When you dropped the two files into your project, Xcode will show a message box in which options can be set on how the files should be added. Please do check Copy items if needed in this dialog, so that copies of the two swift files are created in your project. After that, click the Finish button to actually copy the files.

Xcode add files dialog
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Step 4: Add helper functions for secure settings

To save, retrieve and delete values from the keychain, add a few helper functions to the SAPcpms class. Open the SAPcpms.swift file from the Project Navigator by clicking on it.

Add the code below to the bottom of the class, underneath the register function, just before the last closing bracket:

private func getSecureString(forKey: String) -> String? {
    return KeychainWrapper.standard.string(forKey: forKey)
}

private func saveSecureString(_ value: String, forKey key: String) {
    KeychainWrapper.standard.set(value, forKey: key)
}

private func deleteSecureObject(forKey key: String) {
    KeychainWrapper.standard.removeObject(forKey: key)
}

These functions allow setting of key-value pairs into the iOS keychain, leveraging the KeychainWrapper that was copied into the project in the previous step. It is convenient to do this through helper functions instead of calling the KeyChain class directly. This allows you to very easily change the implementation of these function in case the need arises to e.g. switch to SecureKeyValueStore.

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Step 5: Remove variable declaration userId and password

Instead of the keeping the user ID and password in a variable in the SAPcpms class, the keyring function should be used. As as result of this, the userId and password variable are not necessary anymore.

Remove the following two lines from the top parts of the SAPcpms class:

private var userId:String? = nil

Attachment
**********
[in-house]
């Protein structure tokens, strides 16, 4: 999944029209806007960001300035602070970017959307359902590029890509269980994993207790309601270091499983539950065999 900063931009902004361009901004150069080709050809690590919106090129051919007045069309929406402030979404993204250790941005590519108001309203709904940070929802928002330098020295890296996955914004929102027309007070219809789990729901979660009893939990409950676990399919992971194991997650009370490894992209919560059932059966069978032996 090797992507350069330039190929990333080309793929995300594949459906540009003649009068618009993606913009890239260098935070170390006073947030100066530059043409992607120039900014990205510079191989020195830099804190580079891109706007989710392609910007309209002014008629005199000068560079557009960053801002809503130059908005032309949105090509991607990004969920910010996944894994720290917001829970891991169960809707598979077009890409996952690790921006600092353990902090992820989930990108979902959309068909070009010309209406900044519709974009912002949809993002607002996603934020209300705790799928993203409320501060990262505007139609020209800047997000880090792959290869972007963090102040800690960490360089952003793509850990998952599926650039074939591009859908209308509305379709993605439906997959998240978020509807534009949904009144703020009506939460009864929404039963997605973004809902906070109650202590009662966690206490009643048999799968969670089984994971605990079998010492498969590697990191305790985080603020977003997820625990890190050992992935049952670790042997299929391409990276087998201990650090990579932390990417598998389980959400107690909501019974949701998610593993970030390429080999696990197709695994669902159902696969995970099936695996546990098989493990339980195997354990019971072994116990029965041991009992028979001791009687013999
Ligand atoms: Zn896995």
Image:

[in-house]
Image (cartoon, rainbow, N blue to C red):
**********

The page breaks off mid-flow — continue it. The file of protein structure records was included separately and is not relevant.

private var password:String? = nil

As a result of removing these variable, you should see a few exclamation signs appear in your editor after you build your project using ⌘+B. These are the spots that need attention and require modification, which is taken care of in the next steps.

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Step 6: Change function register to store credentials in the keyring

Replace these lines, marked with exclamation marks:

self.userId = userId
self.password = password

With:

saveSecureString(userId, forKey: "userid")
saveSecureString(password, forKey: "password")

The function should now look like this:

func register(userId: String, password: String, completion: @escaping (Bool, String) -> Void) {
    self.registered = true
    saveSecureString(userId, forKey: "userid")
    saveSecureString(password, forKey: "password")
    var request = URLRequest(url: URL(string: connectionRoot)!)
    let authString = createBasicAuthString()
    if (authString != nil) {
        request.setValue("Basic \(authString!)", forHTTPHeaderField: "Authorization")
    }
    request.setValue("application/json", forHTTPHeaderField: "Content-Type")
    request.setValue("application/json", forHTTPHeaderField: "Accept")
    request.httpMethod = "POST"
    request.httpBody = dicToJson(dic: registrationInfo)
    let task = URLSession.shared.dataTask(with: request) { data, response, error in
        guard let data = data, error == nil else {
            completion(false, "error=\(error)")
            return
        }

        if let httpStatus = response as? HTTPURLResponse, httpStatus.statusCode != 201 {
            print("statusCode should be 201, but is \(httpStatus.statusCode)")
            let responseString = String(data: data, encoding: .utf8)
            print("responseString = \(responseString!)")
            switch httpStatus.statusCode {
            case 401: completion(false, "The credentials you entered are incorrect")
            default: completion(false, "An unknown error occurred")
            }
        }

        let json = try? JSONSerialization.jsonObject(with: data, options: .allowFragments)
        guard let root = json as? [String: Any], let d = root["d"] as? [String: Any], let appcid = d["ApplicationConnectionId"] as? String else {
            return
        }
        print("ApplicationConnectionId: \(appcid)")
        completion(true, "Login successful")

    }
    task.resume()
}
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Step 7: Change function createBasicAuthString to use credentials stored in the keyring